Saturday

10th Dec 2016

Focus

China urges Germany and France to solve euro-crisis

  • Wen Jiabao is seeing Angela Merkel for the second time this year (Photo: picture-alliance/Frank May)

Chinese Prime Minister Wen Jiabao on Thursday (30 August) offered vague promises to buy bonds from troubled euro-countries, but said that it is ultimately up to Germany and France to solve the crisis.

"The European debt crisis recently has continued to deteriorate, giving rise to serious concerns in the international community. Frankly, I am also worried," Wen said during a joint press conference with German Chancellor Angela Merkel.

Dear EUobserver reader

Subscribe now for unrestricted access to EUobserver.

Sign up for 30 days' free trial, no obligation. Full subscription only 15 € / month or 150 € / year.

  1. Unlimited access on desktop and mobile
  2. All premium articles, analysis, commentary and investigations
  3. EUobserver archives

EUobserver is the only independent news media covering EU affairs in Brussels and all 28 member states.

♡ We value your support.

If you already have an account click here to login.

She had travelled to Beijing with half of her government for a joint session with the Chinese government, Germany being the only country with which China holds such meetings.

Despite her reassurances about "absolute political will" to save the euro, Wen expressed concern about the speed of the response.

He pointed to the possibility of Spain and Italy also asking for bailouts as well as uncertainty regarding Greece's future in the eurozone. "The solution depends on the will and decisiveness of the big euro-countries, Germany and France, to help them out."

China will continue to buy European bonds, Wen said, but he did not make any concrete pledges regarding Italy or Spain and noted that any purchases would require a full risk evaluation.

Merkel said she wants Greece to remain in the eurozone and praised Italy and Spain for their reforms. "Both countries are on a very intensive reform path, which I am strongly convinced will bear fruits."

The chancellor's display of power - it is the second time this year she meets with top Chinese officials and signs lucrative deals - such as an order for 50 Airbus planes worth €2.8 billion - is in stark contrast with the yearly EU-China summits which produce statements and pledges for cooperation.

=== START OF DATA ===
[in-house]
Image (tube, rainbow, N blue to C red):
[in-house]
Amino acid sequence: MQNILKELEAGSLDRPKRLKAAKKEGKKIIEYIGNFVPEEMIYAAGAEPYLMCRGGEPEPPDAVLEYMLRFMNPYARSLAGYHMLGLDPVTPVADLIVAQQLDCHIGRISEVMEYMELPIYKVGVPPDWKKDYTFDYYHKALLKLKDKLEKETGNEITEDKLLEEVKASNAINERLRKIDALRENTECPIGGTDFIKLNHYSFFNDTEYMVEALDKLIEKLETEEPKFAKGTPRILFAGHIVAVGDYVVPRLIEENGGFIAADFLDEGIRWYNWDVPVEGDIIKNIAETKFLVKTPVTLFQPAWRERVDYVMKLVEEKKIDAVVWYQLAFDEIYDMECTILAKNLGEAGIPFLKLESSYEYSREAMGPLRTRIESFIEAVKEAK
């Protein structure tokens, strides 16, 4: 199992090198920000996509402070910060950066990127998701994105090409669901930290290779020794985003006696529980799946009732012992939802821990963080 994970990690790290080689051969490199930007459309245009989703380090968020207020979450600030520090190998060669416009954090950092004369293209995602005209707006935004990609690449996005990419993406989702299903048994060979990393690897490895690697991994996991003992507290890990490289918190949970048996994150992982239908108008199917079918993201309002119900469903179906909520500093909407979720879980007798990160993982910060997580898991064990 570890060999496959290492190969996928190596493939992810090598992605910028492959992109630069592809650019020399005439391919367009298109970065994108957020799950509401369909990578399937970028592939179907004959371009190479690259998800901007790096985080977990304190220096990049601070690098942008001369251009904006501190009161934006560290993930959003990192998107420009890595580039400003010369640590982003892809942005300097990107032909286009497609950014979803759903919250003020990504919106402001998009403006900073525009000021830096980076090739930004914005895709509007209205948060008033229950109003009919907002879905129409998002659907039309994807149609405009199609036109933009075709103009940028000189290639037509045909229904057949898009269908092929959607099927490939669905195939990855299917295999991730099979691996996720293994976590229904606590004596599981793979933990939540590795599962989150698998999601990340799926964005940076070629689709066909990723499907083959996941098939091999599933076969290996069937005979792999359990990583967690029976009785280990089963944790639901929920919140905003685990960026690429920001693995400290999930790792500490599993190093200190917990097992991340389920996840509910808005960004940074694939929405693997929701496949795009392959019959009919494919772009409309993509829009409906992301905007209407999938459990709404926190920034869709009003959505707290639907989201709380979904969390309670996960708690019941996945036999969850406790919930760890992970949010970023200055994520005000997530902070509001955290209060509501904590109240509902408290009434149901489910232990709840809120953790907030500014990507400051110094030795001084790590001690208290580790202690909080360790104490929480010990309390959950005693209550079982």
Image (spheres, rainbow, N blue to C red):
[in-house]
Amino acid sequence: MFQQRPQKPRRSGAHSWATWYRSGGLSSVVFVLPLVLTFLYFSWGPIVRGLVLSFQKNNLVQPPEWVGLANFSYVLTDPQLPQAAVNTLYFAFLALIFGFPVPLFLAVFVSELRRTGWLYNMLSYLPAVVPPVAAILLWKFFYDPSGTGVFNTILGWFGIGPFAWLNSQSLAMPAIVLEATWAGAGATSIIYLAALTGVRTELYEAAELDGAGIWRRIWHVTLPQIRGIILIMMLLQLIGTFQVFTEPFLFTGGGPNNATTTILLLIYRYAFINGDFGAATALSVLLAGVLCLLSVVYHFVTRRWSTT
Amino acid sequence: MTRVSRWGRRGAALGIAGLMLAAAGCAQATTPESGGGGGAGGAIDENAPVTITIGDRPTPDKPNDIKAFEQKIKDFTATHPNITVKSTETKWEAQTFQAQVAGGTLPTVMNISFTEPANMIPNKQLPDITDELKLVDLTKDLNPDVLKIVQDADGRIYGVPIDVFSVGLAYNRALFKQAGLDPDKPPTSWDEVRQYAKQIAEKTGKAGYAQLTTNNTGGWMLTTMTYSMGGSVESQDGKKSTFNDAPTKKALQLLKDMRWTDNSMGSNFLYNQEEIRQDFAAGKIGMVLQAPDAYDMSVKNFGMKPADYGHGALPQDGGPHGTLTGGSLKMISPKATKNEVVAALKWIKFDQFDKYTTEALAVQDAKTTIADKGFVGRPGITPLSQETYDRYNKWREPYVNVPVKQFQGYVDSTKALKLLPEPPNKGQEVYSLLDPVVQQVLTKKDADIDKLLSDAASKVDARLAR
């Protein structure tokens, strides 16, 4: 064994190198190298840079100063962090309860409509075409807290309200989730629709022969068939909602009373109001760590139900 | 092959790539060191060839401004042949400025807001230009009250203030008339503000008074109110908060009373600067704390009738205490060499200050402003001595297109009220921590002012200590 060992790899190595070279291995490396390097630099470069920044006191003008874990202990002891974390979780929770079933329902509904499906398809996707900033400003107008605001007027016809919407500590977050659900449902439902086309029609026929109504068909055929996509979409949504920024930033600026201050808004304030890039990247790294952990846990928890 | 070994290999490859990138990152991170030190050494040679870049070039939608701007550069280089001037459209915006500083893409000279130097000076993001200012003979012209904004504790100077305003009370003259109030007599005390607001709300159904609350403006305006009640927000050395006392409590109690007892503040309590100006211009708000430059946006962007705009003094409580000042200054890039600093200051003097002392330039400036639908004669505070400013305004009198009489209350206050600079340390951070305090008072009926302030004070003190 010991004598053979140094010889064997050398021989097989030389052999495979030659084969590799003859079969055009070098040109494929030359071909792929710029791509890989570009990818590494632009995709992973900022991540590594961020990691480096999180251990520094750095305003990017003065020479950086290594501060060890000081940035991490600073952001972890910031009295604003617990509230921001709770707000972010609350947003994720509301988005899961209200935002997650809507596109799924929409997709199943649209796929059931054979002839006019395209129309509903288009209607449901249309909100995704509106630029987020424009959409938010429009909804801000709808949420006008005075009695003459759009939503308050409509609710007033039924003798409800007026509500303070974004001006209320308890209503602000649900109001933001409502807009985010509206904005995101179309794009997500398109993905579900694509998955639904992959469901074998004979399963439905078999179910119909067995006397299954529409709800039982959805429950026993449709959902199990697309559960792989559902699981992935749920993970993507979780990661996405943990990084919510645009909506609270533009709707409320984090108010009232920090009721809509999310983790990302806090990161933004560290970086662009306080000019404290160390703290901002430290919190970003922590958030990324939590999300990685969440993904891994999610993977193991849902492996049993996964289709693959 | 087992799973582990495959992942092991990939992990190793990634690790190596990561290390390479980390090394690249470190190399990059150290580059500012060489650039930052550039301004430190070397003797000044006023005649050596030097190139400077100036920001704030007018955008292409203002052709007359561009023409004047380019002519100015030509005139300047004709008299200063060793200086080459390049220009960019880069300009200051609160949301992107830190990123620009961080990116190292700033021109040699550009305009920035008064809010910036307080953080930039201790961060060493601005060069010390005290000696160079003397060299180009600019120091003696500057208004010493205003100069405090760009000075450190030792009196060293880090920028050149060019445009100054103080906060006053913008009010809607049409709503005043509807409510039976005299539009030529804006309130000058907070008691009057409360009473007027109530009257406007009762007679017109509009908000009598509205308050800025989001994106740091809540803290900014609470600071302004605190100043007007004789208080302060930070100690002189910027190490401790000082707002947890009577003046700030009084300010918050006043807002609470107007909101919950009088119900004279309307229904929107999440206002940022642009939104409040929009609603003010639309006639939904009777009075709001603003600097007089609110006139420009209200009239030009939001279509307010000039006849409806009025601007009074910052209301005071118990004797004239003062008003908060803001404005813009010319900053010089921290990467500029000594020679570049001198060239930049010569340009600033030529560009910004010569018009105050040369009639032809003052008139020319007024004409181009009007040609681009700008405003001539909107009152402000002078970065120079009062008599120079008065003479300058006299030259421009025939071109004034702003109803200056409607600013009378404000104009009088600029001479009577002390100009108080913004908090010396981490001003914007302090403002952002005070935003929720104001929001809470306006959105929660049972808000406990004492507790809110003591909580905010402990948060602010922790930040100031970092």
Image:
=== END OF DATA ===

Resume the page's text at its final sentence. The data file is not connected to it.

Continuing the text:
A question about freedom of the press, with increasing restrictions by the Communist Party imposed on foreign correspondents, went unanswered by Wen. As for Merkel, she said: "We have a joint conviction that allowing for fair reporting is a basis for our nations to get to know each other better and to cooperate better."

She also played down a dispute over solar panels, with European producers calling on the EU commission to impose tariffs to punish the Chinese competitors for unfair subsidies received from Beijing.

"Protectionism cannot be the answer for certain difficulties, we have to try to solve existing problems by the way of talks, problems we have in the field of solar energy, for instance," Merkel said.

"We should endeavour to do so because there is still time and we will discuss with our colleagues in the European Union that we should give it a try."

EU asylum return focus expands police scrutiny

EU interior ministers agreed to start legislative talks with the EU parliament to expand the scope of an asylum database, Eurodac, to include migrants and stateless people.

Column / Brexit Briefing

The Brexit picture starts to emerge

The week in Westminster and Brussels highlight the difficulty Theresa May faces in trying to keep control of the Brexit timetable.

News in Brief

  1. Council of Europe critical of Turkey emergency laws
  2. Italian opposition presses for anti-euro referendum
  3. Danish MP wants warning shots fired to deter migrants
  4. Defected Turkish officers to remain in Greece
  5. Most child asylum seekers are adults, says Denmark
  6. No school for children of 'illegal' migrants, says Le Pen
  7. Ombudsman slams EU Commission on tobacco lobbying
  8. McDonald's moves fiscal HQ to UK following tax probe

Stakeholders' Highlights

  1. Swedish EnterprisesHow to Use Bioenergy Coming From Forests in a Sustainable Way?
  2. Counter BalanceReport Reveals Corrupt but Legal Practices in Development Finance
  3. Swedish EnterprisesMEPs and Business Representatives Debated on the Future of the EU at the Winter Mingle
  4. ACCASets Out Fifty Key Factors in the Public Sector Accountants Need to Prepare for
  5. UNICEFSchool “as Vital as Food and Medicine” for Children Caught up in Conflict
  6. European Jewish CongressEJC President Breathes Sigh of Relief Over Result of Austrian Presidential Election
  7. CESICongress Re-elects Klaus Heeger & Romain Wolff as Secretary General & President
  8. European Gaming & Betting AssociationAustrian Association for Betting and Gambling Joins EGBA
  9. ACCAWomen of Europe Awards: Celebrating the Women who are Building Europe
  10. European Heart NetworkWhat About our Kids? Protect Children From Unhealthy Food and Drink Marketing
  11. ECR GroupRestoring Trust and Confidence in the European Parliament
  12. UNICEFChild Rights Agencies Call on EU to put Refugee and Migrant Children First